> x=rand*2-1;
> y=rand*2-1;
> z=1-randsign*sqrt(x^2+y^2);
>
> function y=randsign
> y=1;
> if rand>0.5
> y=-1;
> end

Roger mentioned an important flaw.
There are others, as he alluded to.

One other is its not a uniform sampling
on the conic surface that it does
sample.

John

Subject: Generating random numbers on unit sphere

From: ellieandrogerxyzzy@mindspring.com.invalid (Roger Stafford)

Date: 2 Jul, 2007 03:54:20

Message: 18 of 31

In article <ef5bc41.15@webcrossing.raydaftYaTP>, "John D'Errico"
<woodchips@rochester.rr.com> wrote:

> Jeffrey Erlich wrote:
> >
> > This may be naive, but instead of generating n random numbers and
> > rejecting the ones that don't fall on the sphere, wouldn't it be
> > much
> > more efficient to generate n-1 random number and then calculate the
> > last number.
> > x=rand*2-1;
> > y=rand*2-1;
> > z=1-randsign*sqrt(x^2+y^2);
> >
> > function y=randsign
> > y=1;
> > if rand>0.5
> > y=-1;
> > end
>
> Roger mentioned an important flaw.
> There are others, as he alluded to.
>
> One other is its not a uniform sampling
> on the conic surface that it does
> sample.
>
> John
-------------------
  This surface of Jeffrey's is a peculiar one, consisting of two cone
halves meeting at the common vertex (0,0,1) and with vertical sides
defined by four vertical planes x = 1, x = -1, y = 1, and y = -1, each
bounded by two parabolas and two vertical lines. It would make an
interesting picture artistically, but I feel sure it is not the surface he
intended.

  However, strangely enough, if we ignore the fact that no random points
are being placed on the four vertical surfaces, those on the two conic
portions of the surface must, in fact, be uniformly distributed area-wise,
because of the constant angle, pi/4, the rays from the cone vertex make
with respect to the horizontal direction, and because the original
distribution of (x,y) points in the plane is uniform. There is a constant
differential relationship between areas, dAc = sqrt(2)*dAp, where Ac is
cone surface area and Ap is horizontal plane surface area. Of course this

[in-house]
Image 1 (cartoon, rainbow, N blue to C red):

would not be true if he had defined a true spherical surface as he
presumably intended.

Roger Stafford

Subject: Generating random numbers on unit sphere

From: John D'Errico

Date: 2 Jul, 2007 05:45:28

Message: 19 of 31

Roger Stafford wrote:
> -------------------
> This surface of Jeffrey's is a peculiar one, consisting of two
> cone
> halves meeting at the common vertex (0,0,1) and with vertical sides
> defined by four vertical planes x = 1, x = -1, y = 1, and y = -1,
> each
> bounded by two parabolas and two vertical lines. It would make an
> interesting picture artistically, but I feel sure it is not the
> surface he
> intended.
>
> However, strangely enough, if we ignore the fact that no random
> points
> are being placed on the four vertical surfaces, those on the two
> conic
> portions of the surface must, in fact, be uniformly distributed
> area-wise,
> because of the constant angle, pi/4, the rays from the cone vertex
> make
> with respect to the horizontal direction, and because the original
> distribution of (x,y) points in the plane is uniform. There is a
> constant
> differential relationship between areas, dAc = sqrt(2)*dAp, where
> Ac is
> cone surface area and Ap is horizontal plane surface area. Of
> course this
> would not be true if he had defined a true spherical surface as he
> presumably intended.
>
> Roger Stafford
>
  
Yes, I should have looked more carefully.
A plot would have sufficed. While its
clearly not spherical, the sampling will
indeed be uniform.

John

Subject: Generating random numbers on unit sphere

From: dave

Date: 2 Jul, 2007 05:57:50

Message: 20 of 31